If you have your heart set on this pattern, let us know and we can show you several lines of porcelain, travertine, limestone, slate, or marble that have the correct size options for the Versailles. Some lines are even sold in pattern bundles to make constructing this pattern is as easy as possible.

Modular Tile Lines

There are some tile lines that come with multiple sizes, colors, and unique shapes that can be combined to create dramatic geometric installations or subtle, dynamic patterns

Within these tile lines you may get rectangles, hexagons, triangles, trapezoids, or rhomboids with which you can create chevrons, weaves, cubes, stripes, or something completely different.

Most manufacturers will also offer helpful guides showing all the different patterns and designs you can create with their tiles. Use geometry to your advantage with modular tiles!

Unusual Shapes

One easy way to create a unique space is with a unique shape! Uncommon shapes such as hexagons and diamonds are inherently interesting, and can be used to create a look that can't be replicated with right angles and rectangular tiles.

Hexagons can look very vintage in a black and white bathroom…

…or very modern in a neutral color palette with subtle textures.

An elongated hexagon creates a picket shape that can fit mid-century modern or shabby chic designs alike and create vertical or horizontal movement.

Diamond shapes can evoke a Renaissance harlequin for a quirky old world aesthetic.

These L-shaped tiles can be arranged in any number of patterns for a complex geometric design.

Curvy shapes can evoke natural elements, like wind, water, vines, and leaves.

Jazzy geometric shapes suit a mid-century modern style.

A classic arabesque or lantern shape is elegant.

Depending on the color of your scale shaped tiles, they can evoke fluffy clouds, your favorite fish, or a mermaid fantasy.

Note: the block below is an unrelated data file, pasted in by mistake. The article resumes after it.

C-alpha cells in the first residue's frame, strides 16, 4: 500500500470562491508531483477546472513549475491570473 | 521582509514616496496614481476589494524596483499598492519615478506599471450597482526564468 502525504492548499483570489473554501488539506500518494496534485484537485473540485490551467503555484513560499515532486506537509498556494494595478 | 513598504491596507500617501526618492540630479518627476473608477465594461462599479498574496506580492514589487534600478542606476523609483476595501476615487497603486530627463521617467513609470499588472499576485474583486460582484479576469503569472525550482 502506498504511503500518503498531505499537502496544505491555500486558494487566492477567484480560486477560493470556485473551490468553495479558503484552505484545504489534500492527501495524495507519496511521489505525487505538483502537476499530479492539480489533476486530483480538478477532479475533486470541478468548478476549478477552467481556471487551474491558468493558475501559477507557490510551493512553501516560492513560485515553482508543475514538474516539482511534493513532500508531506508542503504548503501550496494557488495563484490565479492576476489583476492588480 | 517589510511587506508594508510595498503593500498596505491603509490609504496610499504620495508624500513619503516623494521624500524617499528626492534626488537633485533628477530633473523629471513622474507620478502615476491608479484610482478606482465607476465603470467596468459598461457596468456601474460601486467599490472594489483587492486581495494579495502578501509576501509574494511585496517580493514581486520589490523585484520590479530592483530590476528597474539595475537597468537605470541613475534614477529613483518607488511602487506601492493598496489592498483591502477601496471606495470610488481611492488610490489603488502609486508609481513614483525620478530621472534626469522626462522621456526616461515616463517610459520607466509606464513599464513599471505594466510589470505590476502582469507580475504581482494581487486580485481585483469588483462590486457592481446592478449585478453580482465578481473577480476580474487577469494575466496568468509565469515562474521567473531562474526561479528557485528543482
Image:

Patterned Tiles

Why not let your tiles do the work for you? Instead of a clever layout, a stylish patterned tile set in a traditional square grid has a lot of visual impact with less effort put into layout. Whether your pattern is bold and dramatic or subtle and soft, a patterned tile adds instant interest to a room. Dozens of patterned porcelain tile lines are available, but here are a few favorites:

The Intarsi line imitates ornate wood inlays fit for a king. More durable than real wood inlays at a fraction of the price.

The Tribe series offers a simple collection of tiles with hand-drawn diagonal patterns, with which you can create infinite pattern combinations.

The Cementine collection imitates encaustic patterned cement tiles. Encaustic tiles have been around for centuries, but this old world style is experiencing a surge in popularity. The various Cementine porcelain tiles offer warm colors with retro patterns.

3D Tiles

There are many ceramic wall tiles with raised, 3D patterns. They create a sense of texture and depth while still being low maintenance and creating a clean look. Patterns range from the organic (vines, waves, roses) to the geometric (zig zags, stripes, cubes). Add interest without getting too busy with 3D wall tiles!

Borders & Listellos

Your installation is a work of art; why not frame it? By using a decorative border, you can separate spaces, form focal points, create a faux-carpet look, or direct the eyes of your guests to points of interest.